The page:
Red Hat Makes SOA Buy

Snaps up open-source middleware vendor JBoss for $350 million

April 11, 2006

3 Min Read
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Open-source software specialist Red Hat is looking to boost its storage and Service Oriented Architecture (SOA) stories by snapping up middleware vendor JBoss for $350 million today. (See Red Hat Acquires JBoss.)

Red Hat, which got its hands on Global File System (GFS) technology for clustered storage when it acquired Sistina Software back in 2003, is now looking to add SOAs to the mix. (See Red Hat Acquires Sistina, Red Hat Expands Support , and Polycom Dons Red Hat.) The JBoss Application Server software can be used to deploy Web- and Java-based applications as services in an SOA.

SOAs treat applications software as a collection of autonomous, reusable business services, enabling users to run these applications across different platforms. As the technology gains momentum, a number of vendors are currently jostling for position in an attempt to win the SOA dime. (See BEA Buys SOA Startup and HP Extends SOA Portfolio.)

Speaking on a conference call this morning, Red Hat execs confirmed that JBoss's technology will feed into all aspects of their business, although they did not go into specifics. "The market is demanding an integrated set of open-source solutions," explained Matthew Szulik, the Red Hat CEO. "Our customers are increasingly looking to leverage low-cost, grid-like infrastructures."

Curtis Gittens, senior analyst at Info-Tech Research Group, calls this a shrewd move on the part of Red Hat. Deploying JBoss Application Server on top of GFS, he told Byte and Switch, lets users run multiple queries on their clustered storage and then feed the results into their SOAs.This is particularly important to financial services companies, which deal with high-volume number crunching, according to the analyst. "With the clustered file system, you would be able to work with highly transactional services, such as databases," he said. "You would be able to have a fairly high throughput for transactions."

Wall Street is currently in the vanguard of enterprises deploying SOAs, and a number of financial firms have already spoken publicly about their SOA deployments. (See Wall Street Eyes SOAs, Merrill Lynch, and Users Cite SOA Savings.)Marc Fleury, the CEO of JBoss, said this morning that his company will function as an independent division of Red Hat, though he will now report to Szulik. Execs from both companies also indicated that the 150-strong JBoss workforce will be moving over to Red Hat facilities upon the deal's anticipated closure at the end of May.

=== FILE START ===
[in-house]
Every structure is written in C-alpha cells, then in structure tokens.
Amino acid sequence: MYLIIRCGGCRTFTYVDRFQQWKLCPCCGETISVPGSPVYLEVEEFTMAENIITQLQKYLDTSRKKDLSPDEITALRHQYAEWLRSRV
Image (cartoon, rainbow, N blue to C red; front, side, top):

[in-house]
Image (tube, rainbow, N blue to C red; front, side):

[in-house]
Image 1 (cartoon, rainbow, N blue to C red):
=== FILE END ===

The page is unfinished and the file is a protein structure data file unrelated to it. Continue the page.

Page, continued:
Certainly, Red Hat and JBoss already share plenty of common characteristics. In addition to the two firms' open-source credentials, both businesses derive the bulk of their revenues from subscriptions.

But the deal pits Red Hat against its key partners, IBM and Oracle, which have both cranked up their SOA strategies in recent months. (See IBM Expands SOA , Cognos, IBM Form Alliance, IBM Intros SOA , Oracle Spends $900M for i-flex Stake, and Oracle Sets Sights on SOAs.)

Szulik, however, downplayed an analyst's suggestion that Red Hat will now be in an awkward position regarding IBM and Oracle, which is a key GFS partner. (See IBM Taps Linux Boom, IBM Launches Power5+, Oracle Sets Record , and Red Hat Expands Support .) "I think that you will see these relationships continue to move forward -- they will continue to evolve," he said. "There will be situations where we partner, and there will be situations where we do compete."James Rogers, Senior Editor, Byte and Switch

Organizations mentioned in this article:

  • IBM Corp. (NYSE: IBM)

  • Info-Tech Research Group

  • Oracle Corp. (Nasdaq: ORCL)

  • Red Hat Inc. (Nasdaq: RHAT)

  • Sistina Software Inc.

  • JBoss Inc.

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